who will perform again this year. The group is enjoying success in
its hometown, but also singles out TAGfest as a valuable and unique
destination, a regional forum that should not be abandoned.
In the meantime, the result of roughly nine months of volunteer blood,
sweat and tears, this year’s TAGfest highlights include:
Artists performing throughout the day include: David Sherick’s
`Musical Hunchback’ one-man percussion band with another one-man
gizmo that processes audience sound through a laptop computer.
Michael Hopkins, `Bubble In Sound,’ a giant walk-through
that is, well, a big bubble. Kemp Herbster, painting break-ups
and sculpture. Catherine Boucher and her dance troupe. Robert
Grant paints in the park before his evening’s "Radical
performance. Charlie Moleski, creates temporary text in chalk.
Steve Perlsweig returns with his latest variation on the one-man
band. Claude Noton (a.k.a. Dimitri Rotov), a Trenton-New York
commuter, offers a snapshot survey of railway bridge graffitti.
Wilbo Wright undertakes an aquatic installation in the park
creek. Brad Hoffer, Cranbury housepainter by day and creator
of monolithic-like installations of toxic and/or expelled materials
At the Amphitheater
with percussion to augment their Chapman stick extravaganza as they
provide the soundtrack for the opening of the festival.
trio features former Ween bassist Matt Kohut.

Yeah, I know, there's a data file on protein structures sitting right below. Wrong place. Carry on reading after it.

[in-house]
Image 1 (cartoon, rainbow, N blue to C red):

audio collage work with current topics.
now teaching at Princeton, has played with Swans, Damage and Glenn
Branca to name a few. His quintet — violin, cello, synthesizer,
baritone sax, and guitar — blends minimalism, microtonal tunings,
into the ground and still could not bear to part with it, so he turned
it into a family of instruments. With Wilbo Wright, Alan Mallach,
William Trigg, Mary Schmidt, and Eric Haltmeyer on auto instruments.
Apocalyptic soundscapes. Their albums include the 1997, "The
Ring is Made Out of Stolen Gold."
Spoken Word fame brings his semi-big band of angular wordsmiths and
bass and vocal duo that combines agit pop songs with projected art
action images in a larger-than-life multi-media show.
Philadelphia ensemble of dance, theater, and visuals.
cello player, and Janey Dean, painter/sculptor.
and analog synthesizer collage.
on the new release, "Droppings."
monologue with music, dance and slides.
have endured "ontological oneric existence rather than actual
life," with his "Radical Barbie Dolls."
bass-less form of improvisatory music.
Continuous poetry, film, and spoken word coordinated by Robert Salup.
Featured poets: Eric Ortiz, Christine Ortiz Doug Dilks, Sharon
Radimir Luza, Jonathan Allen, Yusof Rastafari, Loud Black Voices,
Edwin Long III, Cy K. Jones, River Huston, Ian Summers, Denise
Felicia Sanzari Thomas, DJ Cola, Michael Angelo, Chris Marchetti,
and Robert Salup.
Broad and Front streets, 609-777-1770. Raindate is September 13. The
most up-to-date schedule can be found at www.trentonnj.com/tag.
Free. September 12, 10 a.m. to 9 p.m.